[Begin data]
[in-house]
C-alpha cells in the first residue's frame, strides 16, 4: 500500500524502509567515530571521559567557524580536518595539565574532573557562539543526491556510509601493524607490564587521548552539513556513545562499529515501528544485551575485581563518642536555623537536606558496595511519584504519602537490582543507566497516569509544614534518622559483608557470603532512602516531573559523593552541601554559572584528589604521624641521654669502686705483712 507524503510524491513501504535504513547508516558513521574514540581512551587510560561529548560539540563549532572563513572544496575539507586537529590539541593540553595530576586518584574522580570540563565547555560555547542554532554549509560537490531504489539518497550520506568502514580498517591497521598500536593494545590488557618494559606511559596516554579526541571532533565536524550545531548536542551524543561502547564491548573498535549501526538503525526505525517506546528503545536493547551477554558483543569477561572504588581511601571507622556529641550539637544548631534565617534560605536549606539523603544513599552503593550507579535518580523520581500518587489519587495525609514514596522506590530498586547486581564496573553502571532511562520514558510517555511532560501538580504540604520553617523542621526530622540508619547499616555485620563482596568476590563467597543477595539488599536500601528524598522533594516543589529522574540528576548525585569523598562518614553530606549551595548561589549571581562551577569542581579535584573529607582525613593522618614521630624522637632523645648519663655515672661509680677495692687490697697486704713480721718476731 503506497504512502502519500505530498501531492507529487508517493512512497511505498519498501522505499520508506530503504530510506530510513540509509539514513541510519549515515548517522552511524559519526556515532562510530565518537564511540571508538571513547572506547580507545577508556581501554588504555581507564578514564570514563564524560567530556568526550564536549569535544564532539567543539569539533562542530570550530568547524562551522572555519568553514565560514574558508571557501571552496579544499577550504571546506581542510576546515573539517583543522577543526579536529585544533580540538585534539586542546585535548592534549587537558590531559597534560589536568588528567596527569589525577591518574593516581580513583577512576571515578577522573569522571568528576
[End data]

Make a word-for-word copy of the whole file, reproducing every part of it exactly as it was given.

[in-house]
C-alpha cells in the first residue's frame, strides 16, 4: 500500500524502509567515530571521559567557524580536518595539565574532573557562539543526491556510509601493524607490564587521548552539513556513545562499529515501528544485551575485581563518642536555623537536606558496595511519584504519602537490582543507566497516569509544614534518622559483608557470603532512602516531573559523593552541601554559572584528589604521624641521654669502686705483712 507524503510524491513501504535504513547508516558513521574514540581512551587510560561529548560539540563549532572563513572544496575539507586537529590539541593540553595530576586518584574522580570540563565547555560555547542554532554549509560537490531504489539518497550520506568502514580498517591497521598500536593494545590488557618494559606511559596516554579526541571532533565536524550545531548536542551524543561502547564491548573498535549501526538503525526505525517506546528503545536493547551477554558483543569477561572504588581511601571507622556529641550539637544548631534565617534560605536549606539523603544513599552503593550507579535518580523520581500518587489519587495525609514514596522506590530498586547486581564496573553502571532511562520514558510517555511532560501538580504540604520553617523542621526530622540508619547499616555485620563482596568476590563467597543477595539488599536500601528524598522533594516543589529522574540528576548525585569523598562518614553530606549551595548561589549571581562551577569542581579535584573529607582525613593522618614521630624522637632523645648519663655515672661509680677495692687490697697486704713480721718476731 503506497504512502502519500505530498501531492507529487508517493512512497511505498519498501522505499520508506530503504530510506530510513540509509539514513541510519549515515548517522552511524559519526556515532562510530565518537564511540571508538571513547572506547580507545577508556581501554588504555581507564578514564570514563564524560567530556568526550564536549569535544564532539567543539569539533562542530570550530568547524562551522572555519568553514565560514574558508571557501571552496579544499577550504571546506581542510576546515573539517583543522577543526579536529585544533580540538585534539586542546585535548592534549587537558590531559597534560589536568588528567596527569589525577591518574593516581580513583577512576571515578577522573569522571568528576